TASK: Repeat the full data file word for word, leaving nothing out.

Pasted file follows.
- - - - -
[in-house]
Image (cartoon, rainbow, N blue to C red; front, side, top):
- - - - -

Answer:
[in-house]
Image (cartoon, rainbow, N blue to C red; front, side, top):